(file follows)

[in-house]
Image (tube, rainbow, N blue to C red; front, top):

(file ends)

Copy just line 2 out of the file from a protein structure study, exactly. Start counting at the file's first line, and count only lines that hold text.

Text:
Image (tube, rainbow, N blue to C red; front, top):